Though the debate between wired and wireless is one of the largest issues you’ll face, other technologies will have a significant impact on your business as well. It’s vital to identify the essential technologies that influence your team.

In the process, don’t be afraid to rethink how your business might use necessary tools in the future. When you plan for such a change, you make designing the perfect workspace easier and more straightforward.

6) Put Collaboration High On The List

Office design with shared working spaces and glass doors

When planning your new office design, put collaboration high on the list of “must-have” elements. Collaboration is the new model in business — and for good reason: it works.

Many small businesses and entrepreneurs get their start in a large, open room where everyone can talk to everyone else. As those businesses and startups grow, they often move into more traditional offices with walls and doors and dividers.

In the process, they lose the original “buzz” that made their success possible. But you can keep the buzz alive in your business by encouraging collaboration through your office design.

We’ll discuss some easy ways to do that in the 10 Tips For An Inspiring Office Design section below.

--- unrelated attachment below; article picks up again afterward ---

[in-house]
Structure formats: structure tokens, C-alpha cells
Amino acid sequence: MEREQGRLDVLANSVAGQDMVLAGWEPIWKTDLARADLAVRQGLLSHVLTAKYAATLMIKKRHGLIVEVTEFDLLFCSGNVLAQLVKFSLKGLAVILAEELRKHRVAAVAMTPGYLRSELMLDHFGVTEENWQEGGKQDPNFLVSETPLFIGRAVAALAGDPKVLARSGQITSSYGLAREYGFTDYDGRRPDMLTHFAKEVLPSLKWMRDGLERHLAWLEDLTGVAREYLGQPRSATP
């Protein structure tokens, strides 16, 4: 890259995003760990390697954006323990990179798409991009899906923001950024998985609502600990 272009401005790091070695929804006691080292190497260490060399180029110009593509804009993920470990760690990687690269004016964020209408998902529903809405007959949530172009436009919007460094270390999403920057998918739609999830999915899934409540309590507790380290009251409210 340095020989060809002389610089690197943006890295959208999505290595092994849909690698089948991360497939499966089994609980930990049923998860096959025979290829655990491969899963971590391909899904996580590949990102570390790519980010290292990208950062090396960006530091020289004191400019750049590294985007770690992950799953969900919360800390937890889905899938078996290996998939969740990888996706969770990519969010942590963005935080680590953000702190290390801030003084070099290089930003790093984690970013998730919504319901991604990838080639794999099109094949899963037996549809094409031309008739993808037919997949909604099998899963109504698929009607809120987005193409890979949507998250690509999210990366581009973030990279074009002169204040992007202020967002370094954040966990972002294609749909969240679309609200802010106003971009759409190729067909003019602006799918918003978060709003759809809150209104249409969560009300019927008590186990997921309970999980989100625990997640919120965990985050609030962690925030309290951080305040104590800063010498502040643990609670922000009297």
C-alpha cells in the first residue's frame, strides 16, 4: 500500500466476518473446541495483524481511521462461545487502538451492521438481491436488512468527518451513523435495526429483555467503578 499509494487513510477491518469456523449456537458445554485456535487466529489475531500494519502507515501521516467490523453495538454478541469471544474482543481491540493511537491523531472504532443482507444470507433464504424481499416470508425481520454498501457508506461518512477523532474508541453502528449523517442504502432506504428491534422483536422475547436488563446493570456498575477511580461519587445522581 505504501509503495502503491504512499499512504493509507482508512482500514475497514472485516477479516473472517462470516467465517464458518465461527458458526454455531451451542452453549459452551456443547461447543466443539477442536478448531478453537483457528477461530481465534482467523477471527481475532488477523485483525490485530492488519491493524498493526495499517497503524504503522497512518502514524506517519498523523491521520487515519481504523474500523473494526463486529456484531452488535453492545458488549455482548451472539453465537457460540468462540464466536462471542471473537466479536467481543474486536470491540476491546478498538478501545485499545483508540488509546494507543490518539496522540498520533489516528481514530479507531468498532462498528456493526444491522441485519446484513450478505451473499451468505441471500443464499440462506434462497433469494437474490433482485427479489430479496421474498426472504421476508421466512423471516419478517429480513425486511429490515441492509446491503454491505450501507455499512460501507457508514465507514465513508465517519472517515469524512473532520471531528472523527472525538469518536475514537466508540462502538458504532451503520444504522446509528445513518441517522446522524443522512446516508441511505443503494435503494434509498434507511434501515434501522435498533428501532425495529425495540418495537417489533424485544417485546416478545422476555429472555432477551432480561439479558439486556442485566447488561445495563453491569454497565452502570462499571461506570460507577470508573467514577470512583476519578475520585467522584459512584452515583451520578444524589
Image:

7) Base Your Office Design On Activities

As you observe your team, make note of the main activities they perform each day.

For example, they may check email and voicemail first thing when they arrive (often called “touching down”). From there, they move to a full team meeting. After that, they may break off into smaller groups to work on a project and, eventually, work solo for a while before taking a lunch break.

Use these main activities — touching down, team meeting, small group activity, and solo work — to design the office space that satisfies the unique needs of your team.

As you’ll see in the next section, there are plenty of ways to make even the smallest work area more flexible so that your team can tailor the space to their current activities.

10 Tips For An Inspiring Office Design

1)  Offer A Variety Of Seat And Desk Options

Seat and desk options in office design

When considering your office design, plan for a variety of seat and desk options. Ergonomic chairs, stools, couches, adjustable-height desks, cafe tables, and communal tables (just to name a few) are all excellent options to include in your workspace.

These options may not seem like a crucial consideration, but they are. Especially now that medical professionals recognize the negative health impacts of sitting for long periods of time every day. 

Give your team the choice to work in a variety of different positions and they’ll be happier, healthier, more creative, and more productive.

2) Hide The Wire Clutter

Modern workers rely on electronic devices to get their work done. The cords that power and charge those tablets, printers, copiers, laptops, monitors, and phones can seriously clutter workspaces and hinder productivity.